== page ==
FAIL (the browser should render some flash content, not this).

Effects of Low pH on Early Life Stages of Atlantic Herring

Reference
Franke, A. and Clemmesen, C. 2011. Effect of ocean acidification on early life stages of Atlantic herring (Clupea harengus L.). Biogeosciences 8: 3697-3707.
According to Franke and Clemmesen (2011), "since the recruitment of fish seems to be determined during the early life stages (Koester et al., 2003; Houde, 2008), knowledge of the factors influencing growth and survival rates of these stages are of great importance in fisheries science." And they add, in this regard, that "early life history stages even of the more tolerant taxa are assumed to be most susceptible to ocean acidification (Raven et al., 2005; Melzner et al., 2009)." But is this latter assumption correct?

Seeking to answer this question for the case of the Atlantic herring (Clupea harengus L.), Franke and Clemmesen conducted a study in which eggs of the fish were fertilized and incubated in artificially acidified seawater corresponding to atmospheric CO2 concentrations of 1260, 1859, 2626, 2903 and 4635 ppm and compared to a control treatment of 480 ppm CO2 until the main hatch of the herring larvae occurred, after which they say that "the development of the embryos was monitored daily and newly hatched larvae were sampled to analyze their morphometrics." So what did they find?

The two researchers from the Leibniz-Institute of Marine Sciences at Kiel (Germany) report that elevated CO2 "neither affected the embryogenesis nor the hatch rate," and they say "the results showed no linear relationship between CO2 and total length, dry weight, yolk sac area and otolith area of the newly hatched larvae." Given such findings, Franke and Clemmesen conclude that "herring eggs can cope at current temperature conditions with an increase in CO2," even one "exceeding future predictions of CO2-driven ocean acidification."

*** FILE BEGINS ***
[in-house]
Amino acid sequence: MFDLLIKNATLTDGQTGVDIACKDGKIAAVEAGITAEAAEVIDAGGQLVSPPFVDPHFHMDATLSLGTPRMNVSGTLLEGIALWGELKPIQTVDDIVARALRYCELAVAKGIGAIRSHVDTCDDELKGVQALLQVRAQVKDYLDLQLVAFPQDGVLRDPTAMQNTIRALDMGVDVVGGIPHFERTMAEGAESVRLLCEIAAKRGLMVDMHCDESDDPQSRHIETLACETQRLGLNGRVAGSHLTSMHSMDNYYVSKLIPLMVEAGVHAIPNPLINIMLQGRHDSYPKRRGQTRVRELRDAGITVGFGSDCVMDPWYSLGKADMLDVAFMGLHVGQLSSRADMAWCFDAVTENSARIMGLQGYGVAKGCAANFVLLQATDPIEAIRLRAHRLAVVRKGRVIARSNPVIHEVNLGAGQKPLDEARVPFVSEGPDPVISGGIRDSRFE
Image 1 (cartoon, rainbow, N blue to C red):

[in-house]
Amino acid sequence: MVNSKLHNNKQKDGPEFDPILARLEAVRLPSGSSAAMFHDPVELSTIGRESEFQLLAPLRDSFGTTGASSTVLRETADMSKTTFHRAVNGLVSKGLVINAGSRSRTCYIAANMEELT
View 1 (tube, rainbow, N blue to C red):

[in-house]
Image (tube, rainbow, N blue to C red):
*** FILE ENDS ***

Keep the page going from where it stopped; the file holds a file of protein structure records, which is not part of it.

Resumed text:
Additional References
Houde, E.D. 2008. Emerging from Hjort's Shadow. Journal of Northwest Atlantic Fishery Science 41: 53-70.

Koester, F.W., Hinrichsen, H.H., Schnack, D., St. John, M.A., Mackienzie, B.R., Tomkiewicz, J., Mollmann, C., Kraus, G., Plikshs, M., Makarchouk, A. and Aro, E. 2003. Recruitment of Baltic cod and sprat stocks: identification of critical life stages and incorporation of environmental variability into stock-recruitment relationships. Scientia Marina 67: 129-154.

Melzner, F., Gutowska, M.A., Langenbuch, M., Dupont, S., Lucassen, M., Thorndyke, M.C., Bleich, M. and Portner, H.O. 2009. Physiological basis for high CO2 tolerance in marine ectothermic animals: pre-adaptation through lifestyle and ontogeny? Biogeosciences 6: 213-2331.

Raven, J., Caldeira, K., Elderfield, H., Hoegh-Guldberg, O., Liss, P.S., Riebesell, U., Shepherd, J., Turley, C. and Watson, A.J. 2005. Ocean Acidification Due to Increasing Atmospheric Carbon Dioxide. Policy Document 12/05, The Royal Society, London, United Kingdom.

Archived 14 August 2012